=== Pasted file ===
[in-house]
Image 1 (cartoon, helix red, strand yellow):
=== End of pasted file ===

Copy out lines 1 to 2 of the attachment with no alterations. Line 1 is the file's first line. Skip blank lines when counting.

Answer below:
[in-house]
Image 1 (cartoon, helix red, strand yellow):